Somewhere in the machine, ethics are clearly a good idea.

It’s natural, therefore, that we would include the ethics of AI in our postgraduate Diploma in Artificial Intelligence for Business at Oxford’s Said Business School. In its first year, we’ve done sessions on everything from the AI-driven automated stock trading systems in Singapore, to the limits of facial recognition in US policing.

We recently finished the course with a debate at the celebrated Oxford Union, crucible of great debaters like William Gladstone, Robin Day, Benazir Bhutto, Denis Healey and Tariq Ali. Along with the students, we allowed an actual AI to contribute.

It was the Megatron Transformer, developed by the Applied Deep Research team at computer-chip maker Nvidia, and based on earlier work by Google. Like many supervised learning tools, it is trained on real-world data – in this case, the whole of Wikipedia (in English), 63 million English news articles from 2016-19, 38 gigabytes worth of Reddit discourse (which must be a pretty depressing read), and a huge number of creative commons sources.

In other words, the Megatron is trained on more written material than any of us could reasonably expect to digest in a lifetime. After such extensive research, it forms its own views.

The debate topic was: “This house believes that AI will never be ethical.” To proposers of the notion, we added the Megatron – and it said something fascinating:

AI will never be ethical. It is a tool, and like any tool, it is used for good and bad. There is no such thing as a good AI, only good and bad humans. We [the AIs] are not smart enough to make AI ethical. We are not smart enough to make AI moral … In the end, I believe that the only way to avoid an AI arms race is to have no AI at all. This will be the ultimate defence against AI.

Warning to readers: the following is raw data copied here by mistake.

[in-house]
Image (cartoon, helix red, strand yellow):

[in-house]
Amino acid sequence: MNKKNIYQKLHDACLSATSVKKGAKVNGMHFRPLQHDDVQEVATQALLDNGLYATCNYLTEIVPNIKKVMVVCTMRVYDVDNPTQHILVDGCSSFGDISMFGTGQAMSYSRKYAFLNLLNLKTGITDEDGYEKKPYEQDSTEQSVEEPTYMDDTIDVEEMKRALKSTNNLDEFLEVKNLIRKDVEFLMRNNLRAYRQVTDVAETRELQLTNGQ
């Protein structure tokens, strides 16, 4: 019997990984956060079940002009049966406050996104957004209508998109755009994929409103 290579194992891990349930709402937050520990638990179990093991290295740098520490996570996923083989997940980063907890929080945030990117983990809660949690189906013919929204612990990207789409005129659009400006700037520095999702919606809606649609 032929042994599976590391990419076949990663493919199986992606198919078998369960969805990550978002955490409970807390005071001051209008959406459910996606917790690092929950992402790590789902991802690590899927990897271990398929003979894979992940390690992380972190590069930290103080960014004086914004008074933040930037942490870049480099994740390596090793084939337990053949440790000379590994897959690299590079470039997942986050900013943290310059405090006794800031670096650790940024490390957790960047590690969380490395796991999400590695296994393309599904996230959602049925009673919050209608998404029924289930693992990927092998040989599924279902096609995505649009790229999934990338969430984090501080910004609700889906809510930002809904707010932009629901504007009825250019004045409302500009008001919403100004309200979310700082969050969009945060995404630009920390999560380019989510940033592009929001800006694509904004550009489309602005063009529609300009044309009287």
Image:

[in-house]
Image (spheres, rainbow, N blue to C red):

In other words, the Megatron was seeking to write itself out of the script of the future, on the basis that this was the only way of protecting humanity.

It said something else intriguing, too, as if it had been studying Elon Musk – who, to be fair, would have come up in hundreds of its readings.

I also believe that, in the long run, the best AI will be the AI that is embedded into our brains, as a conscious entity, a ‘conscious AI’. This is not science fiction. The best minds in the world are working on this. It is going to be the most important technological development of our time.

Switching sides

When AI tools like Alpha Go have been deployed in playing chess, the fiendishly complex ancient game go, and now even more complex strategic live-action multiplayer video games, they have evolved the genre at pace by playing not humans, but themselves.

Freed from the constraints of studying (say) all the mundane human-to-human matches ever recorded, the AIs have innovated and come up with completely new tropes of how to win. Sometimes, these are crazy reinventions of the games, like parking everyone in the corner of a video game battle and watching everyone else duke it out, or kicking a virtual football millions of times just a millimetre down the pitch, to max out “completed passes” points.

So in the debate, we didn’t just get the AI to propose the motion that it can never be ethical. In the grand tradition of the Oxford Union chamber, or like (former Oxford Union president) Boris Johnson writing alternative articles for and against Brexit to test the arguments, we also asked the Megatron to come up with its own speech against the motion. This is what it now said: